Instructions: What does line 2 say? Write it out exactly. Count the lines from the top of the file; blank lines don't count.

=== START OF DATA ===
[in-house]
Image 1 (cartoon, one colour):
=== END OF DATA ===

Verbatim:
Image 1 (cartoon, one colour):